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trate, regardless of the rank of the of fender, immediately committed him to prison.”
“ I wonder," observed Charles, “ that he was not fearful of offending such a great personage.
" An honest man, Charles, is never fearful of doing his duty; should he neglect, how can he answer it to his own conscience ? Nay, the Prince of Wales, though at the moment exasperated, was so sensible of this, that when he came to the crown, he highly honoured the Chief Justice, and discarded all his loose com. panions.”
“ As the Prince, Sir, frequented this place, I suppose it was very much resorted to by others, as well as his companions."
“ Your supposition is right, Charles,” returned Mr. Richardson; "for this street was famous in old times for its convivial doings; an ancient writer speaks of it thus: The cooks cried hot ribs of beef roasted ; pies, well-baked ; and other victuals : then
there was a clattering of pewter-pots, harps, pipes, and sawtrie ; which was a stringed instrument that was played `upon with sticks."
A church clock at that moment striking three, Mr. Richardson hastened his chil. dren, who had far exceeded their usual hour ; but the walk had created them an appetite, and having eaten their dinner heartily, while their father superintended his mercantile concerns, they retired to their apartment, revolving on the information they had received, and Charles seeking out the more correct accounts in the History of England, and reading them to his sister.
They were so much employed in these pursuits, that Mr. Richardson had dined, and sent for them to take tea with him, before they thought it near so late; so true it is that time properly employed never hangs heavy on our hands.
The morning following, the weather proving rainy, Mary appeared highly dissatisfied ; and addressing Charles, whom she observed employed in preparing for his master, she said, “ You have no occasion to hurry, for the weather is so bad that we cannot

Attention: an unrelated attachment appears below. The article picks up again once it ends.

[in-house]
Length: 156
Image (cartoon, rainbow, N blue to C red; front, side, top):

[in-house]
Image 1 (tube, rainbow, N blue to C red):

out." “ I am sorry for it," answered Charles, “ but shall learn my exercises notwithstanding; for when my lessons are concluded, I can amuse myself with reading the History of England.”
“ You may, if you please,” replied Mary, “but, for my part, I am only interested in those accounts respecting persons whom papa has pointed out to our notice.
“ I dare say," returned Charles, “if we read it regularly, that it will all equally amuse and interest us; and therefore, for
my part, am resolved to begin and continue regularly without missing a line."
“ I shall not take all that trouble,” said she, “and as it is a rainy morning, my lessons will be done before dinner, which will be quite time enough.”
They were here interrupted by Mr. Richardson, who had for some time been in the adjoining chamber, and heard the whole dialogue ; though that circumstance was unsuspected by the children.
He saluted them in his usual affectionate manner, and soon after left them, without the least notice of what had passed.
Breakfast being over, and Charles ready with his lessons, he had finished the whole before Mary had thought of a single line, and her governess was remonstrating when Mr. Richardson entered to inform them, his business for the morning was concluded, and if they had likewise done theirs, he should be glad of their com. pany, as he had obtained permission for them to see Lambeth-palace.
Mary now felt the consequences of her idleness, and began bustling about her different tasks, but neither the French lesson, writing, nor accounts were to be done in a moment: therefore, after a pause, she said, with some hesitation, « I have not quite done, papa ; but if you will have the goodness to wait for me, I will make great haste; or, rather, if you will permit me, I will take double lessons to-mortow.”
“ To your first request, Mary," replied Mr. Richardson, with firmness but much good-humour, “ I can only answer, that as I have done my business, and Charles
his duty, it would be unjust that we • should be kept at home in compliance
to your idleness, when you have had equal time to perform what was required
To your second request I can only say, that business with me, must ever precede pleasure ; and that nothing necessary to be done to-day, should be